Turner’s unusual relationships…

…with people from all classes

Thanks to the early acknowledgment of his talent and work, William Turner got to know people of various social backgrounds throughout his life (The Many Colours of Mr. Turner / Bailey) be it his quite simple and down-to-earth upbringing, his diverse clientele or the members of the Royal Academy. Despite his difficult character he seemed to have got along with most of them pretty well. Leading actor Timothy Spall called him the “daddy of the royal academy” in an interview featured on the DVD. Turner adored the Academy, and they adored him. Even though most of the members were a bit weary of him, they all knew he was brilliant and listened to him attentively (The Many Colours of Mr. Turner / Spall). In a way, he felt committed to the Academy, because he owed them everything. Nevertheless, the competition between the members was fierce, peaking just before the vernissage on the Varnishing Days. During those days just before the exhibition opened, all the painters would finish their paintings at the Royal Academy, touching up their works and making the very final changes (Costello 123f). It intensified the rivalry between the artists, and Turner was said to have reacted viciously to that (The Many Colours of Mr. Turner / Francis). An infamous incident occurred in 1832 at Somerset House in London, the former location of the Royal Academy, where John Constable, Turner’s greatest competitor, exhibited one of his most promising paintings next to Turner’s picture. Fearing a defeat, Turner added a big red provocative dot to his fairly unspectacular seascape painting, turning it into a buoy and by doing so making his picture much more exciting and leaving Constable furious. “He has been here and fired a gun”, said Constable afterwards (Jones). This cinematic but real occurrence has found its way into Mr. Turner (counter: 1:11:00).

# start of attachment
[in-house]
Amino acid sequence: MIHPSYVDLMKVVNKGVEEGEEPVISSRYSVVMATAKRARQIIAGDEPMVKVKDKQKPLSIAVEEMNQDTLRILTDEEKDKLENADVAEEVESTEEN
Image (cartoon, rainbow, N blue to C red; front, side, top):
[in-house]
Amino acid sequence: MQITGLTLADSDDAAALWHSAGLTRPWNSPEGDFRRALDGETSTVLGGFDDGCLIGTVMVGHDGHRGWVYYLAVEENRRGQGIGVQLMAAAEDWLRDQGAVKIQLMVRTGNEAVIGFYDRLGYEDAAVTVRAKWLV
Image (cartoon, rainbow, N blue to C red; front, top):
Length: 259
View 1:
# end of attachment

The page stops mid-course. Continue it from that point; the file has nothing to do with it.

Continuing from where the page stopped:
…with his father